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Prospects Weekly: Developing-country bond issuance has reached an all-time high

Global Macroeconomics Team's picture

So far this year, developing-country bond issuance has reached an all-time high as corporate borrowers in the financial and oil and gas sectors in Latin America and Emerging Europe attracted a lot of investors. Partly reflecting international developments, domestic maize and wheat prices in developing countries are up 35% and 15% from a year ago in real local currency terms, implying significant cost pressures and hardship for poor households. Notwithstanding subdued global growth and soft labor markets in high-income countries global tourist arrivals rose 5% in the first half of 2012.  The World Tourism Organization expects tourist arrivals to slow down in the second half of 2012, bringing annual tourist arrivals growth to between 3% and 4% in 2012.

Developing-country corporates have sold $145 billion in external  bonds thus far this year, well ahead of 2011’s full year record high of $129 billion. Latin American borrowers continued to dominate the market accounting for slightly more than half of the issuance, followed by developing Europe ($34 billion) and developing East Asia ($31 billion). Other developing regions issued less than $7 billion combined. The developing-country corporate bond universe is highly concentrated at the sectoral level, with the financial, oil and gas, metal and mining, and telecommunication sectors attracting most of the inflows. Regionally, the sectoral distribution is heavily skewed in developing Europe with the financial sector accounting for 71% of flows, while in Latin America the financial and oil and gas sectors accounted for 56% of total flows. Brazil, Russia, Mexico, and China, who collectively account for 56% of developing countries GDP, received 68% of total corporate bond volume.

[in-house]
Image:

Local real grain prices are up markedly from a year ago in developing countries. United Nations Food and Agriculture Organization (FAO) data shows median local grain prices are up 24% year-on-year in real terms in developing countries. The median increase in real local currency maize price was 35%, while for wheat prices it was 15%. About 80% of the countries reporting local grain (maize, rice, and wheat) prices reported higher prices relative to a year ago.  Developing countries in East and Southern Africa and Latin America saw some of the sharpest increases, with some of these countries heavily dependent on imports. Less than one in five countries reported year-on-year declines in food prices, mostly for rice.

Global tourist arrivals performed well despite subdued global growth in 2012H1, but are expected to slowdown in 2012H2. Data released by the United Nations World Tourism Organization (WTO) show international tourist arrivals increased by 4.9% in the first half of 2012 (compared with 5% in 2011). Among developing regions, the increase was strongest in North Africa, up 10.5% y/y rebounding from a 9.1% decline in 2011. The strongest rise was recorded in Tunisia and Egypt– where a more stable situation allowed the tourism sector to recover sharply. East Asia and South Asia saw tourist arrivals rise by more than 8% y/y, the Caribbean 5.2% and Central America 6.8%. Growth in tourist arrivals is likely to slow down in the second half of 2012 due to subdued consumer confidence in major tourist-origin countries, with the WTO projecting an increase of between 3% and 4% in 2012.

 

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